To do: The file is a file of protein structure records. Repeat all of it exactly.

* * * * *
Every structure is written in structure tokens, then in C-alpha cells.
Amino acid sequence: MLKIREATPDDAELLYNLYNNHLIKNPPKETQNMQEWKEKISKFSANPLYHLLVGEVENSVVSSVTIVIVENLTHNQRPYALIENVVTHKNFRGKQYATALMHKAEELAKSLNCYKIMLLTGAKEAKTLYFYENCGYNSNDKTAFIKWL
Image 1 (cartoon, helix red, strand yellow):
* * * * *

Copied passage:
Every structure is written in structure tokens, then in C-alpha cells.
Amino acid sequence: MLKIREATPDDAELLYNLYNNHLIKNPPKETQNMQEWKEKISKFSANPLYHLLVGEVENSVVSSVTIVIVENLTHNQRPYALIENVVTHKNFRGKQYATALMHKAEELAKSLNCYKIMLLTGAKEAKTLYFYENCGYNSNDKTAFIKWL
Image 1 (cartoon, helix red, strand yellow):